WHITE NARCISSUS : : : NARCISSE BLANC by CARON (1927)

 

 

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The narcissus flower is nature’s narcotic. Worshipped by the ancients, it is an intoxicating, overpowering scent in concentration and in excess can be deleterious to the health, the bulb of the flower, if ingested, lethal.

 

 

Narcissus absolute is therefore usually used in moderate quantities, for a certain carnal luminosity: for added, troubling intrigue in fragranced blends, but rarely seems to star. Caron, however, once a fearless house of perfume, had the temerity to create, in 1927, a scent of these white flowers at their most potent (it is only available in extrait): a perfume dominated in its head notes by an intense concentration of narcissus, orange blossom, neroli, petitgrain, bitter orange, linden, and iris. While often said to be a ‘lighter’ more polite, version of Narcisse Noir, I have never personally understood this, as I own the extrait, an unlikely perfume for me in truth, that I bought from the Caron boutique on the Avenue Montaigne in Paris many years ago, having spent an entire afternoon with Helen testing all the urn perfumes in the shop and trying, desperately, to decide which one to buy. Probably I should have bought Poivre, or Farnesiana, or even Rose, but somehow, at that time, for some reason, I kept being drawn back inexorably to The White Narcissus.

 

 

 

To me personally, its exotic, sultry and erotic intimations, its dry, animalic base of sandalwood and musk, all make it raw, uncompromising; resolutely sensual; unwestern. While Narcisse Noir works so well because of the sullen, carnal tensions between the darkness of the base and the glowering, narcisssus’d orange blossoms in the head, the less shadowed, boisé anchoring in Narcisse Blanc almost make the flowers more torrid, more feral as they have more room in the blend to breathe and emote.

 

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Narcisse Blanc is very difficult for me to wear, the strength of the flowers bursting from their little flacon, for me almost headache inducing in their glinting, warm sweet headiness. It is a perfume for very specific timess, therefore, one I try to get Duncan to wear on occasion ( it smells curiously sexy, like an Indian prince), or dab on once in a while on hot summer evenings while sitting on the balcony. But never have I, as with a fair proportion of my perfumes, actually worn this perfume outside the house. Maybe one day I might. Perhaps on a once in a lifetime trip to the Taj Majal. 

 

 

 

 

 

 

 

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11 Comments

Filed under Flowers

11 responses to “WHITE NARCISSUS : : : NARCISSE BLANC by CARON (1927)

  1. I have a small, precious gift decant of vintage Narcisse Noir and now I realize that I need the white counterpart just as much. So far, the only time I have worn my cherished Narcisse outside was for a walk under the full moon; it was perfect for that. Every spring I get obsessed with the succession of narcissus scents, from the indoor paperwhites in January clear through to the impossibly lovely poet’s narcissus in late April. I have never smelled a perfume that really smelled like that, but I will sniff avidly at anything that comes close.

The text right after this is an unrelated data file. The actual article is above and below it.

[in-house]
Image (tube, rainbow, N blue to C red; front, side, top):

2. Dearest Ginza
    I adore the idea of Duncan as an Indian Prince in this… do you get him to dress up and re-enact the last days of the Raj?
    It is a truly daring, exponentially overpowering piece of perfumery this. Vertiginous in a way that Hitchcock would understand and Mugler is forever grasping after.
    But no, not easily worn. Except my you Maharadjha…
    Yours ever
    The Perfumed Dandy

  3. Lilybelle

    I’ve never smelled Narcisse Blanc but now I want to. I once had some narcissus oil and it was unbelievably strong and potent, unwearable really, but fascinating.

  4. ninakane1

    Sounds intriguing! Must try! Neil darling, just wanted to wish you luck in the awards tomorrow. Enjoy!! Xxx

  5. Expecting a jasmine perfume review next to celebrate your Jasmine Award, you Perfume Lover you. Congratulations on the award for Perfume Haters in ODOU Magazine. How cool, how exciting and how well deserved. Scary article though!

  6. One of my favorite Caron scents ever. Truly a heady, sweet, intoxicating blend.
    When you mentioned Duncan as an Indian Prince it made me think of another Caron, the darker sister of this scent, Narcisse Noir. There was a movie, from the 40’s called Narcisse Noir, and it had a character of an Indian Prince (the young prince) who is wearing Narcisse Noir. The movie starred Deborah Kerr. Interesting.

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